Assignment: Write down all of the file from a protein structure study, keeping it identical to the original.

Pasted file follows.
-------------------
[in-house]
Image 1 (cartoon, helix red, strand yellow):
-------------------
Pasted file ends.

[in-house]
Image 1 (cartoon, helix red, strand yellow):